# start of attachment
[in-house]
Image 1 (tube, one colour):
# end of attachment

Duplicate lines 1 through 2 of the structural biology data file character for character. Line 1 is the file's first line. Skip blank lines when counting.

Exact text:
[in-house]
Image 1 (tube, one colour):